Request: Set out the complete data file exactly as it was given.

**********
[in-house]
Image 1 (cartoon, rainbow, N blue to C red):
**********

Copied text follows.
[in-house]
Image 1 (cartoon, rainbow, N blue to C red):